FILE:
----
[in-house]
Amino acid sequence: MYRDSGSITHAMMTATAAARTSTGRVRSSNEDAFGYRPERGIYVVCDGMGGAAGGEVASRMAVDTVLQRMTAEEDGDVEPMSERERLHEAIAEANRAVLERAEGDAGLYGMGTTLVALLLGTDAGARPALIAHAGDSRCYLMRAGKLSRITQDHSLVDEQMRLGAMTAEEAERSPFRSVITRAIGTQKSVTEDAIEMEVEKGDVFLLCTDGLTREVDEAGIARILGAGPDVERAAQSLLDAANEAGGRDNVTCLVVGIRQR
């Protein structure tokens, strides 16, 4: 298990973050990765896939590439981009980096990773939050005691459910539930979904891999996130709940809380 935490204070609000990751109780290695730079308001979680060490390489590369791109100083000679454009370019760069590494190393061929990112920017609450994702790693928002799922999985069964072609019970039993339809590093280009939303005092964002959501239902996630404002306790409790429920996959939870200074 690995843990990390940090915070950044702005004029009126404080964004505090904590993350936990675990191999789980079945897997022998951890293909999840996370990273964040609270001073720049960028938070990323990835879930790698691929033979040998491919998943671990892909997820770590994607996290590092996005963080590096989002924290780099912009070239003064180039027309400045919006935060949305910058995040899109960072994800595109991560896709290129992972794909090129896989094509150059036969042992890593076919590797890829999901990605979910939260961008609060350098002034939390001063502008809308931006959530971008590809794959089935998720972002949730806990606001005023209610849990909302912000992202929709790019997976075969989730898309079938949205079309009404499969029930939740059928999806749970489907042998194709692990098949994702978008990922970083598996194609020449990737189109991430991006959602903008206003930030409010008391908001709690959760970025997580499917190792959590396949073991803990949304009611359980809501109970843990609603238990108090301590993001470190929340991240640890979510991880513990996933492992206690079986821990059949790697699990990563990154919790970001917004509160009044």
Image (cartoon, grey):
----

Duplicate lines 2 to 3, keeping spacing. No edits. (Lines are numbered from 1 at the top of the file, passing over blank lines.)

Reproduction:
Amino acid sequence: MYRDSGSITHAMMTATAAARTSTGRVRSSNEDAFGYRPERGIYVVCDGMGGAAGGEVASRMAVDTVLQRMTAEEDGDVEPMSERERLHEAIAEANRAVLERAEGDAGLYGMGTTLVALLLGTDAGARPALIAHAGDSRCYLMRAGKLSRITQDHSLVDEQMRLGAMTAEEAERSPFRSVITRAIGTQKSVTEDAIEMEVEKGDVFLLCTDGLTREVDEAGIARILGAGPDVERAAQSLLDAANEAGGRDNVTCLVVGIRQR
């Protein structure tokens, strides 16, 4: 298990973050990765896939590439981009980096990773939050005691459910539930979904891999996130709940809380 935490204070609000990751109780290695730079308001979680060490390489590369791109100083000679454009370019760069590494190393061929990112920017609450994702790693928002799922999985069964072609019970039993339809590093280009939303005092964002959501239902996630404002306790409790429920996959939870200074 690995843990990390940090915070950044702005004029009126404080964004505090904590993350936990675990191999789980079945897997022998951890293909999840996370990273964040609270001073720049960028938070990323990835879930790698691929033979040998491919998943671990892909997820770590994607996290590092996005963080590096989002924290780099912009070239003064180039027309400045919006935060949305910058995040899109960072994800595109991560896709290129992972794909090129896989094509150059036969042992890593076919590797890829999901990605979910939260961008609060350098002034939390001063502008809308931006959530971008590809794959089935998720972002949730806990606001005023209610849990909302912000992202929709790019997976075969989730898309079938949205079309009404499969029930939740059928999806749970489907042998194709692990098949994702978008990922970083598996194609020449990737189109991430991006959602903008206003930030409010008391908001709690959760970025997580499917190792959590396949073991803990949304009611359980809501109970843990609603238990108090301590993001470190929340991240640890979510991880513990996933492992206690079986821990059949790697699990990563990154919790970001917004509160009044």